Donations totaled about $1,200, with Monroe County raising $780.
Everyone wins in this rivalry, though. Donations in Monroe County went toward the spay and neuter assistance fund for the Humane Association, while donations collected in West Lafayette went toward the treatment of flea and heartworm fund for the Almost Home Humane Society.
Rebecca Warren, executive director of MCHA, said it was a “battle of the fans.”
“So if we win, their executive director or communications manager would take a pie in the face,” Warren said before the winners were announced. “If they win, I take a pie in the face. It’s bragging rights and humiliation — it’s a lot of that.”
Liz Stamper, executive director for AHHS, took a pie to the face Friday morning to mark the end of the competition.
“We’re always accepting donations for our animals, and while we came up short for this fundraiser, we always look forward to the different ways we can get others involved in what we do,” Stamper said.
A video of Stamper’s pie in the face can be found on the AHHS Facebook page.
The employees of MCHA also had a friendly competition within its office to help with the fundraiser.
“We can’t say the word P-U-R-D-U-E or else we have to add a quarter to the donation can, and everyone else is already beating me,” Warren said at the start of the fundraiser.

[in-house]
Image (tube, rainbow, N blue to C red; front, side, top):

The MCHA’s donation can had close to $100 after the first day of the fundraiser, not including online donations or donations collected from the cans located around the community.
“We’re gonna spend most of tomorrow pushing it before the game starts and collecting the donation cans that are out there,” ?Warren said.
Warren joked about wearing a giant dalmatian costume to bring in last-minute donations before the results were tallied after the game.
AHHS also participated with donation cans around the West Lafayette community and online fundraiser donations.
“We dressed up our dog statue inside the lobby in Purdue gear with hopes that people would fill up his belly with coins and treats for the fundraiser,” ?Stamper said.
MCHA’s $100 was trailing West Lafayette’s $336 until it received a check in its mailbox with “GO HOOSIERS,” written in the memo, which put it back in the competition.
“It doesn’t matter who wins,” Warren said. “Both organizations will win because we will be able to raise a bit more awareness about our cause, get some more donations directed towards our cause and have a little fun with the challenge at the same time.”
MCHA has enough to provide spay and neuter assistance to more than 20 animals in the Bloomington area thanks to its fundraising efforts, Warren said.
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